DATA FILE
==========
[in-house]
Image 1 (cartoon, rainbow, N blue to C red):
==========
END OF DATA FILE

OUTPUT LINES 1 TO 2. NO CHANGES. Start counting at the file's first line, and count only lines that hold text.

[in-house]
Image 1 (cartoon, rainbow, N blue to C red):